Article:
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Learning About and Preventing Diabetic Eye Disease

November 15th, 2017

Diabetes is a life-altering disease that affects your life 24/7. With daily insulin monitoring and regular medical visits to assure your body is performing well, it can be difficult to stay on top of your diabetes.

And unfortunately, if you do not properly take care of your diabetes, it could lead to complications such as diabetic eye disease. In light of November’s designation as diabetic eye disease month, we want to explain what exactly it is and how you can prevent it.

What is Diabetic Eye Disease?

In short, diabetic eye disease is a group of different eye conditions that can affect many parts of the eye. If you don’t monitor your diabetes, these are some of the conditions that you could develop:

  • Diabetic retinopathy affects the small blood vessels in your retina, the seeing layer in the back of your eye. I is the most common cause of vision loss among diabetics and the leading cause of blindness in American adults.
  • Diabetic macular edema (DME) results from diabetic retinopathy. It is caused by fluid leaking from the blood vessels, which swells your macula, the center of the retina. This can cause your central vision to become blurry.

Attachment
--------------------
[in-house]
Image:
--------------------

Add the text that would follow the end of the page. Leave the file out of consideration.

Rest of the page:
• Cataract causes cloudiness in your lens and changes the way light enters your eye. Diabetes can accelerate cataract growth-this can cause your vision to become blurry.

These eye conditions may seem intimidating and even scary for people with diabetes, but they can be prevented.

How to Prevent Diabetic Eye Disease

In order to prevent diabetic eye disease, you should follow the guidelines that are meant to keep your diabetes controlled. For diabetics, these may come as common sense, but it can be easy to neglect daily routines and fall into bad habits. To reinforce good habits, here are some diabetic care reminders that will help prevent diabetic eye disease:

  • Receive a comprehensive dilated eye exam yearly because diabetic retinopathy often goes undetected until vision loss occurs.
  • If you’re pregnant, receive a dilated eye exam early in your pregnancy.
  • Maintain appropriate blood sugar, blood pressure and cholesterol levels.
  • Exercise regularly, eat healthy foods and avoid smoking.

If your eye doctor detects diabetic retinopathy in your dilated eye exam, early treatment can reduce the risk of blindness by 95 percent. In the end, early detection, appropriate treatment and follow-up care will be the key to preventing this potentially blinding disease.

At Logan Eye Care, we make it our goal to provide the best eye care available in Lake Mary. If you or a loved one need your yearly comprehensive dilated eye exam or have further questions on diabetic eye disease, schedule your appointment with us today.